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    I know you have got it sorted now, but I thought it might be worth mentioning a few of the alternatives just in case you change your mind.

    Quote Originally Posted by albertwt View Post
    I must run it using the Exchange Management Console.
    Literally everything you can do in the Exchange Management Console you can do in PowerShell remotely since the EMC is just a front-end.

    You can check which PowerShell commands the console is running in the background either by going to View » View Exchange Management Shell Command Log or by clicking the little PowerShell icon in the lower-left corner of each dialog box which gets enabled after you have modified something (but before you click the OK or Apply buttons). Click this and you can see the PowerShell command that will be run by Exchange. See the following webpage for more details on this...

    http://www.msexchange.org/articles_t...rver-2010.html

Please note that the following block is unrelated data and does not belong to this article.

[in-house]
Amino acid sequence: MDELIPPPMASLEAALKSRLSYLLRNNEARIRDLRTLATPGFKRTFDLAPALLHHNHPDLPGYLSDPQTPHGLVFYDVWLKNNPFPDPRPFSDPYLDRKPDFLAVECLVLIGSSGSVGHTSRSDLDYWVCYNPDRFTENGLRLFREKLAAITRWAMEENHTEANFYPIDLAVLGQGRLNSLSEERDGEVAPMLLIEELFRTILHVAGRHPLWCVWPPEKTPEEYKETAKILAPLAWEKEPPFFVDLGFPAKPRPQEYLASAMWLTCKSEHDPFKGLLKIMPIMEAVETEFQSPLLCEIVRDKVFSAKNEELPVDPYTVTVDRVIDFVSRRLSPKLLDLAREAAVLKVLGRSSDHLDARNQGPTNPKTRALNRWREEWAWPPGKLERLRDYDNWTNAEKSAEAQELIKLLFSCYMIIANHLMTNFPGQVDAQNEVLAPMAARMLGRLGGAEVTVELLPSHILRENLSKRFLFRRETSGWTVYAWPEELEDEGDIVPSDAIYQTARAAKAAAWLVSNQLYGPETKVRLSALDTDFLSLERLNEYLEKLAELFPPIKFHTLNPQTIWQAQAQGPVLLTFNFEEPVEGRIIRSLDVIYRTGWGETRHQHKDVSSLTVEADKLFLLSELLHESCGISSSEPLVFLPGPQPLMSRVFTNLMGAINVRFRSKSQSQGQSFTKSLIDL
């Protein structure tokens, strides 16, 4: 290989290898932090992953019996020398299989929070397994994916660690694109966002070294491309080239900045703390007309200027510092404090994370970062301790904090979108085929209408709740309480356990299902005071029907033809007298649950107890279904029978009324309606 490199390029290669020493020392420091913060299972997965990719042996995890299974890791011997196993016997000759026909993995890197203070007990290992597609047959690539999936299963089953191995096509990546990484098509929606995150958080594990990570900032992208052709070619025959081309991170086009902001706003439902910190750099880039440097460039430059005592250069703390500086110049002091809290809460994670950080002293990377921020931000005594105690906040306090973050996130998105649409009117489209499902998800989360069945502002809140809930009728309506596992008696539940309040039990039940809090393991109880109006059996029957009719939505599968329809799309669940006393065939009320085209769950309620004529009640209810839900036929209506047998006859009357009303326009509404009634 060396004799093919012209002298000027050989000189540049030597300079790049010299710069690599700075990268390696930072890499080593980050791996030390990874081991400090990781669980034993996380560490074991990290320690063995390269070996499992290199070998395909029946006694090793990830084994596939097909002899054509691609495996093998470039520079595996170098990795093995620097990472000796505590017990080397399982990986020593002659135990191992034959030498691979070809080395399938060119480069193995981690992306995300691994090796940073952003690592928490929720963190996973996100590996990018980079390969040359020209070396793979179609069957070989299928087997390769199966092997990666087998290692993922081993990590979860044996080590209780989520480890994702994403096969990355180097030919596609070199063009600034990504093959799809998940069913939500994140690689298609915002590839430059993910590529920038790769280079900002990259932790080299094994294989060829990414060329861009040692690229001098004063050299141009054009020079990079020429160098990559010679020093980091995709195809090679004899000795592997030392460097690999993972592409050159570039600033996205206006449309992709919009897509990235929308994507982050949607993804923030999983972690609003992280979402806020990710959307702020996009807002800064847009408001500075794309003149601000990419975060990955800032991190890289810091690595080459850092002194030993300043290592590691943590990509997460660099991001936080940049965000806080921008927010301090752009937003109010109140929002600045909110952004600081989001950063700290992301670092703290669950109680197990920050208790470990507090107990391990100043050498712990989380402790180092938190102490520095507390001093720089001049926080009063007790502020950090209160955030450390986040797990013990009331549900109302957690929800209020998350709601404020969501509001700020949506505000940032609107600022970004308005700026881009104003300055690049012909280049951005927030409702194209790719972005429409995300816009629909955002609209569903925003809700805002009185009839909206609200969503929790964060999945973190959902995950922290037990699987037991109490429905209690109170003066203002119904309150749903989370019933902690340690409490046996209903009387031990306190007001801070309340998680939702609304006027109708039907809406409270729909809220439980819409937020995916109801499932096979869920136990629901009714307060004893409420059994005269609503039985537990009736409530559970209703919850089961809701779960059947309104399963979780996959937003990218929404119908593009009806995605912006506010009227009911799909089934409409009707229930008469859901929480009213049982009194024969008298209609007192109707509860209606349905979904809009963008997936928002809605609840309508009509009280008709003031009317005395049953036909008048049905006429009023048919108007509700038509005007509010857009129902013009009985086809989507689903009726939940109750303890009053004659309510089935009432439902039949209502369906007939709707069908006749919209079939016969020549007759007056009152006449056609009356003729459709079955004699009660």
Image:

As RabbieBurns mentioned above, you could also install the Exchange Management Console on your own workstation as long as it meets the prerequisites...

    http://exchangeserverpro.com/exchang...nagement-tools

    It's also worth checking out Mike Pfeiffer's excellent blog as this has lots of useful tips for managing Exchange via PowerShell.


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    albertwt (26th February 2011)

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    Yes Arthur, many thanks for the article, I learn from it now :-)

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    I tried to do below, but even using admin login, I found the options are disabled. Can you please help, how to resolve this disable issue?

    Quote Originally Posted by theriver View Post
    Just to give you another option :-D

    You can control the session timeout settings by going to Admin Tools > Terminal Services > Terminal Services Configuration, in the 'connections' box right click on RDP-Tcp, click properties and go to Sessions.

    The main disadvantage I've found with this is that, depending on how many people access the server, you can end up being locked out as a result of disconnected running sessions.